So much work has been done to make the game feel more alive and it’s not just a mechanical device in the gameplay, it’s also an atmospheric one. The new focus on broadcast cameras and new cutscenes, along with the return of Stevenage’s lesser known F1 master, David Croft, brings the game closer to the presentation that EA hit for their games. But this isn’t at the expense of the game or just added colour. If you remember the old F1 games on Playstation, you used to have Murray Walker making occasional quips which after a while grated and annoyed more than pleased. And commentary can quickly date a game. But the branding, the new camera angles, the more graphically televisual approach to things like menu screens, driver selection, etc can really get you in to it. Along with a new race engineer, the game is aesthetically getting quite the facelift, much like the sport.
I operate under a strange bias when it comes to Formula One games as I love the sport and I’ve really enjoyed Codemasters games. F1 2013 was a magnificent package. But I’m also quite demanding now thanks to what has come before it with Project CARS’s wonderful visuals, Driveclub’s amazing environments and the freedom and sense of vehicle character you get with the Forza Horizon games.
Much like current Formula One, your management of your car and fuel is paramount. The control methods on both wheel and controller are easy to use (last year’s pad control wasn’t particularly great). But this heightened drama is being propped up by better AI and the Campaign mode. Picking a driver and playing an entire season with them has been a staple of ALL racing games so it’s good to see it finally appear in F1 2015. There’s the new Pro Championship mode which is for the purists (masochists) to give you the most authentic experience without having to individually turn everything off.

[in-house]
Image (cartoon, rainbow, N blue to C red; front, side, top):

The dynamics of Formula One are changing all the time. For all of the Mercedes dominance, Renault’s failing’s, Red Bull throwing their frustrations at Renault, Bernie Ecclestone making soundbites that would probably dissolve many PR companies and McLaren Honda’s struggle to make their new partnership deliver on the track, it is the narrative behind all of them that grip up to those 2 hours on a Sunday where we live and breath our passion for the sport through our love of the racing on offer.
It’s something that the rule changes have done to give us a more open race and therefore a more interesting narrative. F1 2015 looks on course to give us the solid experience of racing and the drama we crave from the sport. If it’s the evoking of a powerful visual of a rain soaked track in Singapore, the elation of mastering a corner, the bittersweet sadness of seeing Jules Bianchi’s name in the roster from last season or the triumph of winning a race, the early impressions are that F1 2015 has it. Let’s hope it keeps up the pace during its final laps.